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Officials describe alleged workforce scheme

March 3, 2019 GMT

KANKAKEE — LaDonna Russell, who heads the local agency that deals with workforce issues, has a simple description for the agency’s former bookkeeper: “She’s good.”

She is not referring to the bookkeeper’s competence or morals. Rather, she is talking about Deborah Lake’s ability to pursue an alleged scheme to steal public money, using intricate methods to avoid detection.

According to federal court documents, Lake is facing charges that she stole more than $30,000 in government money from the Kankakee-based Grundy Livingston Kankakee Workforce Board.

Lake, who also is known as Deborah O’Neill and Deborah G. Mitchell, is free on her own recognizance. According to an affidavit she filed in U.S. District Court, Lake now lives in an assisted-living facility, making about $900 per month. It is unclear which town she lives in.

Lake started at the workforce board in October 2008, when Elisabeth Dunbar was the executive director. Dunbar left in January 2011.

Lake’s alleged theft occurred from November 2010 to October 2014. She performed bookkeeping tasks, including payment of bills and reconciliation of expense accounts.

The workforce board is funded by grants from the U.S. Department of Labor, money that passes through the Kankakee County government.

One Friday in October 2014, Russell recalls, then-County Board Chairman Mike Bossert and a sheriff’s detective walked into the workforce board to inform her of Lake’s suspected theft.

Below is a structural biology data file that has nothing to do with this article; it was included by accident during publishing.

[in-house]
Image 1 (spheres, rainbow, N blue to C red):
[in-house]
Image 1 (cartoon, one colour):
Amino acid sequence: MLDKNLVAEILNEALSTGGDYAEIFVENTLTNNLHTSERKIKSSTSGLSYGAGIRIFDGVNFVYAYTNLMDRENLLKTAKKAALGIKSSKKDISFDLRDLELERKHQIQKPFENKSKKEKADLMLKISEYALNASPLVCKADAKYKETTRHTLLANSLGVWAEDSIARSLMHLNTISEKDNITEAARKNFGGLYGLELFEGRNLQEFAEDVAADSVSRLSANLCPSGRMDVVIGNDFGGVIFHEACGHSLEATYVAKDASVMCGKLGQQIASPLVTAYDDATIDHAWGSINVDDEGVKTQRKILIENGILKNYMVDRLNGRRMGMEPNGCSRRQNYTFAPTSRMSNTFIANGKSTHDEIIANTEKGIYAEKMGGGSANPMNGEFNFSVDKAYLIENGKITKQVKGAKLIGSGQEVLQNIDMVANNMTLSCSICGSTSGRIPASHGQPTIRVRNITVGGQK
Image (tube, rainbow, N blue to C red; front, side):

As it happens, Lake was gone that day. Russell said Lake informed her she was in the hospital — a fact that Russell confirmed when she called the hospital and was transferred to Lake’s room.

On Oct. 31, 2014, Lake was fired for cause.

“The county did their due diligence. A case was opened at the Office of Inspector General at the Department of Labor,” Russell said.

The County Board’s current chairman, Andy Wheeler, said he expected the county to be on the hook for the money that Lake stole, which the federal government alleges is more than $30,000.

“In a $31 million budget, the money isn’t insignificant, but it won’t close us down,” Wheeler said. “The feds might say the county has to pay, then she owes us. I can’t see the feds walking away from that.”

In her job, Lake entered billing information into the board’s accounting program, which she alone maintained, the federal complaint says.

As part of her scheme to defraud the board, Lake entered vendor invoices for amounts more than what was owed, according to federal prosecutors.

She manipulated the account software so that it appeared the checks were payable to the vendors, but altered them to be made payable to herself, according to the complaint.

Lake created fraudulent invoices for vendors who previously had done business with the board and created checks payable to herself, forging signatures of those authorized to sign them, the complaint says.

“The indictment is true and accurate. Everything is correct,” Russell said. “We have changed how we do things. We are moving forward.”

The investigation began after a vendor called the county’s finance department about where a certain check was, Wheeler said.

“(Lake) let one slip through,” he said.

Now, Russell said she handles bank reconciliations, which provides oversight for the bookkeeper. Russell also can log into the accounting program, while only Lake had access to it before.

Wheeler said the case was a “great lesson.”

“The same person who does the accounting cannot also do the auditing,” he said.

Russell said she was glad the board backed her through the Lake investigation.

“We do good jobs here. I feel like it’s a blemish. I hate having a blemish on my record,” Russell said.

As for the federal case’s outcome, Russell said, “Restitution is high on my list. I want to see the money back.”

A trial date for Lake has not been set.

The workforce board, which serves Kankakee, Livingston and Grundy counties, was created in 1998 to design programs to train skilled workers for local businesses. The board also provides career assistance and counselors to low-income people, including students.